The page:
Posted October 28, 2010 by neatnik2009 in April 1, April 10, April 11, April 12, April 13, April 14, April 15, April 16, April 17, April 18, April 19, April 2, April 20, April 21, April 22, April 23, April 24, April 25, April 26, April 27, April 28, April 29, April 3, April 30, April 4, April 5, April 6, April 7, April 8, April 9, Ascension, Ash Wednesday, Easter Sunday, February 10, February 11, February 12, February 13, February 14, February 15, February 16, February 17, February 18, February 19, February 20, February 21, February 22, February 23, February 24, February 25, February 26, February 27, February 28, February 29, February 4, February 5, February 6, February 7, February 8, February 9, Friday in Easter Week, Good Friday, Holy Monday, Holy Saturday-Easter Vigil, Holy Tuesday, Holy Wednesday, June 1, June 10, June 11, June 12, June 13, June 2, June 3, June 4, June 5, June 6, June 7, June 8, June 9, March 1, March 10, March 11, March 12, March 13, March 14, March 15, March 16, March 17, March 18, March 19, March 2, March 20, March 21, March 22, March 23, March 24, March 25: Annunciation, March 26, March 27, March 28, March 29, March 3, March 30, March 31, March 4, March 5, March 6, March 7, March 8, March 9, Maundy Thursday, May 1, May 10, May 11, May 12, May 13, May 14, May 15, May 16, May 17, May 18, May 19, May 2, May 20, May 21, May 22, May 23, May 24, May 25, May 26, May 27, May 28, May 29, May 3, May 30, May 31: Visitation, May 4, May 5, May 6, May 7, May 8, May 9, Monday in Easter Week, Palm Sunday, Pentecost, Saturday in Easter Week, Thursday in Easter Week, Tuesday in Easter Week, Wednesday in Easter Week

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Rebirth: A Prayer   Leave a comment

Chrysalis 

Image Source = Pollinator

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Everything I once considered certain

Is uncertain;

What I once thought I knew

Was wrong.

Earthquakes have shaken my

My presumptions and illusions.

I am dying,

Only to be reborn—

But as what and as whom and when?

Death hurts;

Rebirth is painful, too.

Yet I trust in God—

Most of the time.

Yet I am at peace—

Some of the time.

Dear God, I implore you,

Please forgive me

For my inconstancy,

Comfort me in my pain and grief,

And guide me along your

Path to serenity.

Amen.

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Rien je songais être certain

Est certain;

Tout j’imagais que je savais

Furent incorrect.

Des tremblements de terre ébranlerent

Mes présumptions et mes illusions.

Je meurs,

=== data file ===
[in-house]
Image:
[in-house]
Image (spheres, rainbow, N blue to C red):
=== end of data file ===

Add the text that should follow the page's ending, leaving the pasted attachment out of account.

Seulement éprouver une renaissance—

Mais a quoi et a qui et quand?

La mort fait du mal;

La renaissance fait souffrir aussi.

Mais je met confiance en Dieu—

Ordinairement.

Mais je suis en paix—

Quelquefois.

Mon Dieu, je vous implore,

S’il vous plait pardonnez-moi

Pour mon caractère changeant,

Consolez-moi en ma peine et ma douleur,

Et guidez-moi en votre

Chemin à la sérénité.

Amen.

Kenneth Randolph Taylor

May 2007

Posted October 28, 2010 by neatnik2009 in April 1, April 10, April 11, April 12, April 13, April 14, April 15, April 16, April 17, April 18, April 19, April 2, April 20, April 21, April 22, April 23, April 24, April 25, April 26, April 27, April 28, April 29, April 3, April 30, April 4, April 5, April 6, April 7, April 8, April 9, Ascension, Ash Wednesday, Easter Sunday, February 10, February 11, February 12, February 13, February 14, February 15, February 16, February 17, February 18, February 19, February 20, February 21, February 22, February 23, February 24, February 25, February 26, February 27, February 28, February 29, February 4, February 5, February 6, February 7, February 8, February 9, Friday in Easter Week, Good Friday, Holy Monday, Holy Saturday-Easter Vigil, Holy Tuesday, Holy Wednesday, June 1, June 10, June 11, June 12, June 13, June 2, June 3, June 4, June 5, June 6, June 7, June 8, June 9, March 1, March 10, March 11, March 12, March 13, March 14, March 15, March 16, March 17, March 18, March 19, March 2, March 20, March 21, March 22, March 23, March 24, March 25: Annunciation, March 26, March 27, March 28, March 29, March 3, March 30, March 31, March 4, March 5, March 6, March 7, March 8, March 9, Maundy Thursday, May 1, May 10, May 11, May 12, May 13, May 14, May 15, May 16, May 17, May 18, May 19, May 2, May 20, May 21, May 22, May 23, May 24, May 25, May 26, May 27, May 28, May 29, May 3, May 30, May 31: Visitation, May 4, May 5, May 6, May 7, May 8, May 9, Monday in Easter Week, Palm Sunday, Pentecost, Saturday in Easter Week, Thursday in Easter Week, Tuesday in Easter Week, Wednesday in Easter Week